Explore Old Woodhaven with upcoming walking tour
by Ed Wendell
Mar 01, 2016 | 4400 views | 0 0 comments | 14 14 recommendations | email to a friend | print
Woodhaven's historic Wyckoff Building.
Woodhaven's historic Wyckoff Building.
The Woodhaven Cultural & Historical Society will give a free walking tour of Woodhaven starting at noon on Sunday April 3, a project 180 years in the making. The first of three scheduled walking tours in 2016, this first tour will cover an area south of Atlantic Avenue, which was once known as Old Woodhaven Village.

When John R. Pitkin bought the land where Woodhaven now sits back in 1835, he envisioned a brand new city stretching all the way from Brooklyn to Jamaica. Because this land lay to the east of Manhattan, he dubbed his dream city East New York.

The Panic of 1837 resulted in banks closing and thousands losing their jobs and scuttled Pitkin’s dream of a new city, but different portions of his investment survived. One section, which he had called Woodville, consisted of factories, hotels and two racetracks.

When the citizens of Woodville applied to the government to have a post office, they were told they would have to change their name due to there already being a Woodville in upstate New York. And so, in 1853, the village of Woodville was rechristened Woodhaven.

In those days, and deep into the 1920s, Woodhaven stretched much further south than it does now. A small part of Woodhaven, a four to six-square-block area known as Ozone Park, named for its promise of fresh air and ocean breezes, would survive and grow and become the community we know today.

And so, this first walking tour of 2016 will cover the area of Ozone Park that was once called Woodhaven, and we will follow the footsteps of its rich and interesting history. We will visit the site of Woodhaven’s first bank and several of the hotels and saloons, buildings which are still standing today.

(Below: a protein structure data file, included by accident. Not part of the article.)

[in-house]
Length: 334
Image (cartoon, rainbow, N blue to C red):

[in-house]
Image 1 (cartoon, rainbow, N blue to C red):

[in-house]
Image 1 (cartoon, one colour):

You will hear the urban legend about a 90-year-old woman who cheated on her husband and learn the real story, and you’ll visit something you've passed a million times that she was responsible for building.

You will visit the spot where an ancient burial ground for slaves was unearthed and find out where George Washington slept when he visited Woodhaven. You will visit the only remaining portion of the old Union Course Racetrack that is still visible and see the exact spot where a young woman was killed during the cyclone of 1895.

You will visit the famous Grosjean factory and learn about the fire that nearly destroyed Woodhaven and the tragedy of the Grosjean family. You will see the church that Grosjean built for his son Alfred, who was mysteriously killed, and how that contributed to the decline of the factory.

You’ll retrace the final fateful steps of Professor Kotkov, the Woodhaven teacher who was brutally murdered 95 years ago this month. One of his murderers was the youngest person executed in New York State, and you will stand in the very spot where all of their lives changed forever.

And as a bonus, this walking tour of Woodhaven will be powered by PastPort, making it interactive for those with iPhones. At certain locations, you will be able to pick up your phones and using this app see an old picture of the location.

If you are interested in taking part in this free tour, be advised that it will cover about 3.5 miles and we expect it to last between two and three hours. Please RSVP for the tour by emailing woodhavenhistory@gmail.com or by calling the society at (718) 805-2002.

The next two two are scheduled for Sunday, June 5, and Sunday, August 7, with details for each tour to be announced.

And as a last reminder, the Queens Memory Project will be at Neir’s Tavern, 78th Street and 88th Avenue, this Saturday, March 5, from 1 to 3 p.m. Bring your old photos and Woodhaven-related documents and the volunteers from the Queens Library will scan them for you, returning the materials and the digital scans on a free thumb drive.

It’s an effort to save and preserve as much of our Woodhaven history so future generations can also learn about our shared past. Who knows? Maybe someday, future historians will give walking tours of Woodhaven and talk about us!

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